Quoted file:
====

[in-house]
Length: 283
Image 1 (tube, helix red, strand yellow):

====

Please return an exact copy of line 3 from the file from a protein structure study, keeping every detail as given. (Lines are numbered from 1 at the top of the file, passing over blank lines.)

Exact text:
Image 1 (tube, helix red, strand yellow):